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Alex Nataren, HOLA’s Director of Healthy Cooking, recently served on a panel during the American Studies Association‘s annual meeting. The panel, Reimagining Agriculture and Accessibility within and against L.A.’s Cityscape, highlighted a number of local initiatives that are doing innovative work in the food space. Alex’s talk focused on the Healthy Lifestyles Program Alex has been running at HOLA for the past 8 years. Since the program first began with a grant from Kraft Foods, thousands of kids and their families have benefited. Each year, Alex leads healthy cooking classes for elementary, middle school, high school and college kids and in the summer, he holds a special session for the moms. At HOLA, we adhere to a strict no “junk food” policy and the weekly cooking classes are supplemented with physical activities.

Other members of the panel included:

David Burns and Austin Young, co-founders of Fallen Fruit, a collaborative art project that began in Los Angeles with creating maps of public fruit: the fruit trees growing on or over public property. Fallen Fruit’s art works invite people to experience their city as a fruitful, generous place, inviting people to engage in sharing and collectively explore the meaning of community and collaboration through temporary communities and exhibition programs. David and Austin discussed how Fallen Fruit deals with issues of public/private space and community access.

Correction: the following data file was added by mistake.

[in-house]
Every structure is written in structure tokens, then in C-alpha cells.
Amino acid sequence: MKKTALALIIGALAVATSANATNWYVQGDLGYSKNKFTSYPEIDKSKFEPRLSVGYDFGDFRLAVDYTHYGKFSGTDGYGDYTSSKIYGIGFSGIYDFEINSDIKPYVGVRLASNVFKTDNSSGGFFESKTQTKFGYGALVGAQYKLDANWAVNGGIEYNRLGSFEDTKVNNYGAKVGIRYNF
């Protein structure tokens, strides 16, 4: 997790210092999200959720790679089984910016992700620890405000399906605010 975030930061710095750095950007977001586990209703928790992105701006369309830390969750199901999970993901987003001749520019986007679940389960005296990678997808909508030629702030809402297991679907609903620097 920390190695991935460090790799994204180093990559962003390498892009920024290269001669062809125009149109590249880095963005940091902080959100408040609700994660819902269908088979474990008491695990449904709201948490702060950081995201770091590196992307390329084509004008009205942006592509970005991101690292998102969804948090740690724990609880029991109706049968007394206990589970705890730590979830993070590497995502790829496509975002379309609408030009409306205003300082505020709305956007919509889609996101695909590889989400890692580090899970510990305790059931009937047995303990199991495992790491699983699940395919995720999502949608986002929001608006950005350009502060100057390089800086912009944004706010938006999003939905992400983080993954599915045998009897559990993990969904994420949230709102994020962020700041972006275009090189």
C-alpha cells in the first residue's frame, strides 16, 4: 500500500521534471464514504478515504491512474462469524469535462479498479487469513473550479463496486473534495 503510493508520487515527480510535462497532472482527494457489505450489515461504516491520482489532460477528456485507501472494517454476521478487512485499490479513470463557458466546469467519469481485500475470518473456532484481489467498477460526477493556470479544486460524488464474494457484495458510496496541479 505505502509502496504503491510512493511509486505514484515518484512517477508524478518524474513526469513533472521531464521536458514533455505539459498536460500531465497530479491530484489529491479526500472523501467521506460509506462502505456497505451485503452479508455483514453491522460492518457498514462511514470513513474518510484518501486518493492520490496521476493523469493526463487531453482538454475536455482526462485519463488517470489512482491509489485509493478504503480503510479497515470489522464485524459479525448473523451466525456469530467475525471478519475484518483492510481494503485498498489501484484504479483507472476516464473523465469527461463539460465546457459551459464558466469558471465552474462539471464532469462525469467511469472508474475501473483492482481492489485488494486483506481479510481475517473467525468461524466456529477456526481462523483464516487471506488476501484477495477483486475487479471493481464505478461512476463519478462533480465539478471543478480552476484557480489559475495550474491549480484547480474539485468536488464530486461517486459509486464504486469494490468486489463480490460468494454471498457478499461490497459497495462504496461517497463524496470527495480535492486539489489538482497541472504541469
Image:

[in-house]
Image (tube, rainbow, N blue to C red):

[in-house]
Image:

Elizabeth Brennan, a communications executive, discussed her work with Meeting Each Need with Dignity, or MEND, and its “Grow Together Project,” which teaches self-reliance through gardening and food preservation.

Analena Hope , an activist and PhD candidate at the University of Southern California and a member of the board at Community Services Unlimited Inc., a non-profit working to equalize food access and improve community health in South LA., spoke about C.S.U.’s “Beyond Organic” model, which is designed to circumvent the expensive organic certification process and pass the savings on to the community through affordable healthy food

Natale Zappia, an Assistant Professor of History at Whittier College, focused his presentation on the environmental challenges faced by working class communities of color in the South San Gabriel Valley, which struggle to obtain access to healthy food in designated “food deserts.” Nat talked about the service learning projects he oversees, which tie Whittier College to the surrounding community.


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